The contribution that the Stegalls propose to make to the operation of the farm, minus their labor, appears to be nominal. Of the $24,000 offered by them, $22,000 represents the value of the crops that the Stegalls planted after they went bankrupt. Those crops, plus the support payments to which they entitle the grower, are the property of the bankrupt estate, see, e.g., 11 U.S.C. Sec. 541(a)(7), and so cannot be contributed to it as new capital. Cf. In re Sawmill Hydraulics, Inc., 72 B.R. 454, 457 (Bankr.C.D.Ill.1987). The point has practical--or if one prefers, equitable--as well as legal significance. If the Stegalls had abandoned the farm, the creditors could have sold it or cash-rented it; either way the creditors would have obtained the value of the crops grown on it, minus the labor costs of growing. The Stegalls do not intend to work for nothing. The $22,000 that they propose to contribute to the estate in respect of the crops is over and above the revenues--$1,000 a month--that they have allotted to themselves as wages. The laborer is worthy of his hire, but the application of that adage in this case means that the $22,000 that the Stegalls propose to contribute to the estate approximates what the estate would have obtained without the Stegalls' help, simply by hiring another farmer to grow the crops or by renting or selling the farm. (Maybe it would have obtained a little less: $1,000 a month is a low wage for two farm workers.) If the Stegalls had proposed to work for nothing, and thus to contribute their entire labor to the estate, Ahlers would not necessarily require that this contribution be disregarded. The Stegalls' labor would be embodied in the crops; it would no longer be a promise of future labor. But that was not the proposal. The proposed contribution as we have said is a contribution of property already owned by the estate and salable by it at approximately the amount of the contribution. Maybe the contribution is more, because the Stegalls are working for below-market wages, but there is neither evidence nor argument on this point.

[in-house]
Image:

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The $2,000 in quantified new capital contributed to the farm is too little to warrant the drastic remedy of a cram-down. Cf. In re Rudy Debruycker Ranch, Inc., 84 B.R. 187, 190 (Bankr.D.Mont.1988). Cram-down comes into play only when a substantial minority of creditors are dissatisfied with the plan of reorganization and want to pursue their other remedies. (If more than one-half of the creditors, holding at least two-thirds of the total unsecured debt, approve the plan, it goes into effect automatically. See 11 U.S.C. Sec. 1126(c).) So drastic an interference with property rights is not warranted in a case such as this where the contribution that the debtor proposes to make to the enterprise is nominal and he argues that that is good enough because the part of the estate that he seeks to retain--here, most of the estate--is worthless. If the contribution is nominal, the protesting creditors can hardly be thought duly compensated for surrendering against their will their remedies of foreclosure and forced sale, meager as those remedies may turn out to be if the value of the bankrupt estate is small relative to the secured debt.


Sympathetic to the plight of bankrupt farmers (more precisely, already bankrupt farmers, for, as we have noted in previous decisions, statutes that confer rights on debtors drive up interest rates, see In re Patterson, 825 F.2d 1140, 1142 (7th Cir.1987); In re Erickson, 815 F.2d 1090, 1094 (7th Cir.1987); In re Lindsey, 823 F.2d 189, 192 (7th Cir.1987)), Congress recently enacted Chapter 12 of the Bankruptcy Code, a special and especially lenient provision applicable only to farmers. 11 U.S.C. Secs. 1201 et seq. The Stegalls concede that a Chapter 11 proceeding pending when Chapter 12 was enacted cannot be converted into a Chapter 12 proceeding, see Bankruptcy Judges, United States Trustees and Family Farmer Bankruptcy Act of 1986, Sec. 302(c), Pub.L. No. 99-554, 100 Stat. 3088; In re Erickson Partnership, 856 F.2d 1068 (8th Cir.1988), so whether it can or not is another issue that we need not resolve today.